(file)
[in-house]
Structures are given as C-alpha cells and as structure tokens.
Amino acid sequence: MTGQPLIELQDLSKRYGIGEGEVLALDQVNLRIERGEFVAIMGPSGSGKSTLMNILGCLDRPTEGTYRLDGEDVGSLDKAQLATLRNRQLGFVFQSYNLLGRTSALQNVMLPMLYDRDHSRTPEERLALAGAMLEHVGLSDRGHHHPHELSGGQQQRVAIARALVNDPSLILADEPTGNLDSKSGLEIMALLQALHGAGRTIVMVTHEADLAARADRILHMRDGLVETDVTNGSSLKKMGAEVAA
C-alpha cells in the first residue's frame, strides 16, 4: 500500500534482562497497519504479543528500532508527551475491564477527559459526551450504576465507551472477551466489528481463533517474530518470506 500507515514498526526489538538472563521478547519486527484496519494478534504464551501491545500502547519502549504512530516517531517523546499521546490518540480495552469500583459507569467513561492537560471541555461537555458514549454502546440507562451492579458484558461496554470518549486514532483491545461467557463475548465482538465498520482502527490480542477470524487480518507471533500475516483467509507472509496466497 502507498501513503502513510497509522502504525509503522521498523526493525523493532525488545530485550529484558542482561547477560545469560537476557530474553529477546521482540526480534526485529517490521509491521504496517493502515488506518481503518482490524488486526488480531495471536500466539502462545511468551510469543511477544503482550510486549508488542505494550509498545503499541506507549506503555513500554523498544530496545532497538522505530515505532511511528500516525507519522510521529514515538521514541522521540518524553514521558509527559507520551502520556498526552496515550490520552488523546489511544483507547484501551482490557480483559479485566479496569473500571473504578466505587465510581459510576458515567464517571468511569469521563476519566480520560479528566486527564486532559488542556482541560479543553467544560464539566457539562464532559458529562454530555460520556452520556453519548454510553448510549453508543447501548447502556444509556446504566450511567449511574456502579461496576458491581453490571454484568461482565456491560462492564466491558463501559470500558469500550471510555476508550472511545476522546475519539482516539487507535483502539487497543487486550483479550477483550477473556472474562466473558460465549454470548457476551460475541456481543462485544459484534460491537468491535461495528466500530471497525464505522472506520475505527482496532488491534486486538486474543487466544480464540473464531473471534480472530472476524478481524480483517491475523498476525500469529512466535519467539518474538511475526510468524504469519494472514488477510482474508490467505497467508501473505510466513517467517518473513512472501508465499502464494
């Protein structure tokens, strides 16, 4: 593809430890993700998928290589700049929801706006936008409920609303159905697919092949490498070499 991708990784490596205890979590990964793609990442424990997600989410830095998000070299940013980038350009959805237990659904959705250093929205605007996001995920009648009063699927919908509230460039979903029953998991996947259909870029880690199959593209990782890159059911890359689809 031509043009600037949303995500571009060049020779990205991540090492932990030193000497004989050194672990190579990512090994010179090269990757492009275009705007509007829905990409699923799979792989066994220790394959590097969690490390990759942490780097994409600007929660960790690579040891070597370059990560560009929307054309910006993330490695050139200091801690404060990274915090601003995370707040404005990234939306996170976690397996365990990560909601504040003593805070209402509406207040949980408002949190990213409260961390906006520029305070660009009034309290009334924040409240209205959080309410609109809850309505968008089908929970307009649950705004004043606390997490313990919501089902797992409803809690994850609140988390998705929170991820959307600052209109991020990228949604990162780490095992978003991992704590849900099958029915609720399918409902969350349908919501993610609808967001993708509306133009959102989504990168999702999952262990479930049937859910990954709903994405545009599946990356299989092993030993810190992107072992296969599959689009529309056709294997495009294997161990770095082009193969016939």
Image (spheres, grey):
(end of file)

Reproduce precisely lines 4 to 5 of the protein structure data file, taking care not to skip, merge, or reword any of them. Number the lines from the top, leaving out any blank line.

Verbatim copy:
C-alpha cells in the first residue's frame, strides 16, 4: 500500500534482562497497519504479543528500532508527551475491564477527559459526551450504576465507551472477551466489528481463533517474530518470506 500507515514498526526489538538472563521478547519486527484496519494478534504464551501491545500502547519502549504512530516517531517523546499521546490518540480495552469500583459507569467513561492537560471541555461537555458514549454502546440507562451492579458484558461496554470518549486514532483491545461467557463475548465482538465498520482502527490480542477470524487480518507471533500475516483467509507472509496466497 502507498501513503502513510497509522502504525509503522521498523526493525523493532525488545530485550529484558542482561547477560545469560537476557530474553529477546521482540526480534526485529517490521509491521504496517493502515488506518481503518482490524488486526488480531495471536500466539502462545511468551510469543511477544503482550510486549508488542505494550509498545503499541506507549506503555513500554523498544530496545532497538522505530515505532511511528500516525507519522510521529514515538521514541522521540518524553514521558509527559507520551502520556498526552496515550490520552488523546489511544483507547484501551482490557480483559479485566479496569473500571473504578466505587465510581459510576458515567464517571468511569469521563476519566480520560479528566486527564486532559488542556482541560479543553467544560464539566457539562464532559458529562454530555460520556452520556453519548454510553448510549453508543447501548447502556444509556446504566450511567449511574456502579461496576458491581453490571454484568461482565456491560462492564466491558463501559470500558469500550471510555476508550472511545476522546475519539482516539487507535483502539487497543487486550483479550477483550477473556472474562466473558460465549454470548457476551460475541456481543462485544459484534460491537468491535461495528466500530471497525464505522472506520475505527482496532488491534486486538486474543487466544480464540473464531473471534480472530472476524478481524480483517491475523498476525500469529512466535519467539518474538511475526510468524504469519494472514488477510482474508490467505497467508501473505510466513517467517518473513512472501508465499502464494
């Protein structure tokens, strides 16, 4: 593809430890993700998928290589700049929801706006936008409920609303159905697919092949490498070499 991708990784490596205890979590990964793609990442424990997600989410830095998000070299940013980038350009959805237990659904959705250093929205605007996001995920009648009063699927919908509230460039979903029953998991996947259909870029880690199959593209990782890159059911890359689809 031509043009600037949303995500571009060049020779990205991540090492932990030193000497004989050194672990190579990512090994010179090269990757492009275009705007509007829905990409699923799979792989066994220790394959590097969690490390990759942490780097994409600007929660960790690579040891070597370059990560560009929307054309910006993330490695050139200091801690404060990274915090601003995370707040404005990234939306996170976690397996365990990560909601504040003593805070209402509406207040949980408002949190990213409260961390906006520029305070660009009034309290009334924040409240209205959080309410609109809850309505968008089908929970307009649950705004004043606390997490313990919501089902797992409803809690994850609140988390998705929170991820959307600052209109991020990228949604990162780490095992978003991992704590849900099958029915609720399918409902969350349908919501993610609808967001993708509306133009959102989504990168999702999952262990479930049937859910990954709903994405545009599946990356299989092993030993810190992107072992296969599959689009529309056709294997495009294997161990770095082009193969016939």